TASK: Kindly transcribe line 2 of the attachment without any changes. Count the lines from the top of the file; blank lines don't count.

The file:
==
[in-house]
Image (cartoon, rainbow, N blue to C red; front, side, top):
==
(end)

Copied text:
Image (cartoon, rainbow, N blue to C red; front, side, top):